Francis Hughes (Proinsias Ó hAodha; 28 February 1956 – 12 May 1981) was a volunteer in the Provisional Irish Republican Army (IRA). Hughes was the most wanted man in Northern Ireland until his arrest following an ambush by the Security Forces in which a British soldier was killed. At his trial he was sentenced to a total of 83 years imprisonment, and he died during the 1981 Irish hunger strike in HM Prison Maze.
He led a life perpetually on the move, often moving on foot up to 20 miles during one night then sleeping during the day, either in fields and ditches or safe houses; a soldierly sight in his black beret and combat uniform and openly carrying a rifle, a handgun and several grenades as well as food rations.
On 18 April 1977 Hughes, McGlinchey and Milne were travelling in a car near the town of Moneymore when an RUC patrol car carrying four officers signalled them to stop. The IRA members attempted to escape by performing a u-turn, but lost control of the car which ended up in a ditch. They abandoned the car and opened fire on the RUC patrol car killing two officers and wounding another, before running off through fields. A second RUC patrol came under fire while attempting to prevent the men fleeing, and despite a search operation by the RUC and British Army the IRA members escaped. Following the Moneymore shootings the RUC named Hughes as the most wanted man in Northern Ireland, and issued wanted posters with pictures of Hughes, Milne and McGlinchey. Milne was arrested in Lurgan in August 1977, and McGlinchey later in the year in the Republic of Ireland. A British soldier, L/CPL David Jones, was killed in the gun battle, and another soldier was seriously wounded. Hughes was wounded in the leg. He managed to crawl away but was pursued and surrendered to British troops.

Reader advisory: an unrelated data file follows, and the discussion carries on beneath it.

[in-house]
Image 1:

In February 1980 he was sentenced to a total of 83 years in prison. Hughes was tried for, and found guilty of, the murder of one British Army soldier (for which he received a life sentence) and wounding of another (for which he received 14 years) in the incident which led to his capture, as well as a series of gun and bomb attacks over a six-year period. Security sources described him as "an absolute fanatic" and "a ruthless killer". Fellow republicans described him as "fearless and active". Following his death, it emerged in court during the extradition proceedings against Dominic McGlinchey that Hughes' fingerprints had been found on a car used during the killing of a 77 year old Protestant woman, Hester McMullan, in Toomebridge in 1977.